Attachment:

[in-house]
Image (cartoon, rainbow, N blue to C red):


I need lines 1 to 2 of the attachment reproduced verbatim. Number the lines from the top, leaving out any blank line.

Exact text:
[in-house]
Image (cartoon, rainbow, N blue to C red):